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(Movie Review) Missing child thriller contrasts motherhood, nonchalance

Movies 17:25 November 21, 2019

By Kim Boram

SEOUL, Nov. 21 (Yonhap) -- Looking for missing kids might be the most pressing and desperate thing for parents. It's very common to see missing child posters and placards around us, but they don't appeal to people hurriedly walking down the street.

Director Kim Seung-woo's thriller, "Bring Me Home," tells the story of a mother in search of her lost child who she believes is asking her to find him.

The image provided by Warner Bros. Korea shows a scene from "Bring Me Home." (PHOTO NOT FOR SALE) (Yonhap)

Jung-yeon (Lee Young-ae) and her husband Myeong-guk (Park Hae-joon) are doing everything to look for their son Yoon-su, who disappeared six years ago. They stick up missing boy posters and tracks down tenuous leads across the country.

One day, Jung-yeon receives a telephone call from a man claiming that he has seen a boy who looks just like Yoon-su at a fishing village on the coast. She arrives there in the hope that she finally can meet her son, but she faces total indifference, inhospitality and weariness from the cryptic village people.

She visits a small fishing spot for tourists there that is run by a family co-op of criminals and ex-cons. Corrupt police officer Hong (Yoo Jae-myung), who rules the village, tries to drive out Jung-yeon as she may threaten his authority and disclose the secret of two boys whose origins are unclear and who are exploited by the villagers.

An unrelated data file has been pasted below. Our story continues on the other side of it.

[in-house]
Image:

They give the cold shoulder to Jung-yeon, who soon develops an inkling of the existence of the kidnapped kids and bravely confronts the villagers' refusal and violence.

The image provided by Warner Bros. Korea shows a scene from "Bring Me Home." (PHOTO NOT FOR SALE) (Yonhap)

The movie shows that maternal love for the lost son is behind the groundless sacrifice and even brutality presented by the desperate mother. She devotes herself to looking for her son and doesn't give up hope even after her husband dies in a car accident due to a prank call.

On the other hand, those around her are indifferent and half-hearted about her tragedy. Her brother-in-law is only concerned with Jung-yeon's insurance money from Myung-guk's death, while anglers in the fishing village pay no attention to Jung-yeon and her story.

It also touches on child abuse committed without guilt by the adults in the fishing village, who pretend to be kind and nice in front of Jung-yeon.

"It's very hard to express child abuse in the movie, but it happens around us," director Kim said after the film's press screening Tuesday. "I hope many people will look around those posters and listen to the stories of families of missing children, and the child abuse issue as well."

The clear contrast between the urgency and nonchalance stands out in the tightly knitted plot, with a mixture of horror, suspense and thrills. Actress Lee Young-ae did not lose her touch in her first silver screen choice in 14 years since "Sympathy for Lady Vengeance."

But all of these emotional factors in the movie -- motherhood, frustration, indifference and even selfishness -- are excessive. The superfluity of emotions makes the audience feel that the story is unbelievable and implausible. And people may feel uncomfortable with some cruelly sickening scenes of child abuse and exploitation.

"Bring Me Home" will be released on Nov. 27.

The image provided by Warner Bros. Korea shows a poster of "Bring Me Home." (PHOTO NOT FOR SALE) (Yonhap)

brk@yna.co.kr
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